RESEARCH EXECUTIVES ROUNDTABLE
“We’re sitting on that scientific board to help
advise and gain insight on where their trends
are going and what type of technologies may
be deployed inside that growing space.”
The value that panelists placed on col-
laborations is high, and they say that gov-
ernment agencies and partner industrial
organizations generally benefit from having
access to another organization’s capabilities
“We definitely gain a lot of value getting
outside perspective on what we’re doing. It’s a
great forum to share thoughts and ideas. We
definitely benefit from it. I think it has accelerated and will continue to accelerate these
kinds of relationships,” says Gudbrand.
Balancing objectives, challenges
Each organization at the Industry Executives’ Roundtable has a different approach to
R&D. Dow Microbial Control has both an
R&D group and a technical services group.
The R&D group, which represents 20% of
the division resources, is responsible for longer-term objectives, including new market
and new technology platforms. The technical
service group, which accounts for 80% and is
managed by Strittmatter and Dow Microbial’s commercial director, is more focused on
customer needs and delivering business.
Dede’s organization is able to focus more
on long-term research, he says, but partnerships with universities or in-house projects
sometimes demand consideration for immediate product needs from Toyota Motor
Corp. From 60 to 70% of TRI-NA’s activities
look two or three product generations ahead,
but occasionally a study needs to be completed in a month or two.
“As a research organization, we have to do
a little more toward the development side
and a little less towards the research side, but
I think that’s why it’s called R&D. It’s a balance,” says Dede.
To manage a product portfolio spanning
several divisions and numerous technology
areas, Thermo Fisher Scientific has developed a sophisticated process for evaluating
long-term and short-term research efforts.
“Our R&D projects walk through a prior-
We define a series
of filters whereby
we select and rate
projects, and this
ends up being
to the specific
strategy that we
have for the business,” says Gudbrand.
A filter, he
says, could be IP,
IP effectively. If so, product differentiation
would occur. If not, the area may already be
saturated with IP.
One area that Shine and Gudbrand are
looking closely at is public health, which
they say is a crucial macroeconomic trend
that Thermo Fisher Scientific is in a position
“From a safety perspective, if we look at
food safety and drinking water, many of our
instruments play in that space as well. I think
Thermo Fisher is well positioned to meet
those macroeconomic, culture-wide issues,
and I think we’ll definitely do what we can to
support those efforts,” says Shine.
Both Dede and Strittmatter pointed to
energy independence as a defining goal for
the U.S. and its industrial base. The pursuit of new solutions in energy is not only
important, they say, it’s an opportunity.
Energy should not be seen as a threat.
“Energy research represents growth in real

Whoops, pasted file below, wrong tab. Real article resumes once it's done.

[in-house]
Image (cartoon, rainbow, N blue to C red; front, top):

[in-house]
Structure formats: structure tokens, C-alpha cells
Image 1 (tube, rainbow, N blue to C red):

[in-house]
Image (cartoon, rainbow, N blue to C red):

value by creating jobs such as manufacturing. Embracing energy independence and
the political stability that comes with that is
one of the biggest challenges we face. And
we have to move quickly on that,” says Strittmatter.
Another challenge is the willingness of the
federal government to support fundamental
research, and the role it plays in educating
future generations of science, technology
and engineering companies. In addition to
dealing with government funding under
pressure, the ability of companies to find
skilled workers could be more challenging in
“A lot of the fundamental research does
tie back to grants. It ties back to the National Institutes of Health and other sources of
funding. There is a lot of pressure in Washington these days to reduce that spending,”
According to Dede, many of the most
skilled researchers, with doctorates, arrive
from overseas and leave because they either
cannot get an academic job or do not find
opportunities in industry.
“Science and technology, engineering,
mathematics: All of these skills are basically
leaving the country right now. If we can
create these opportunities for jobs related
to engineering using these science and math
skills, I think there is a lot of opportunity
for the country,” says Dede.
Shine agrees, saying that organizations
like Thermo Fisher Scientific can help by
consciously casting a wider net for skilled
researchers: “From a diversity and inclusion
perspective we need to broaden the pool
of people that have that expertise, not just
people that have traditionally gone into
those fields, but attract new people who
want to do that, whether it’s more women
inside science or other nationalities.”
At PID Analyzers, Driscoll participates in
the National Chemistry Week at the Muse-
um of Science and the Boston Children’s
Museum. The organization reaches about
3,000 K- 12 students, and his work with the
Boy Scouts has connected with 400 more.
“I think that if the U.S. is going to maintain their technology edge in the future,
then we have to have better educated people
in science, technology, engineering and
math,” says Driscoll. “We do a lot of work
with STEM because, I think, STEM is the
only thing that’s going to save us in the
Global Director of Research
Dow Microbial Control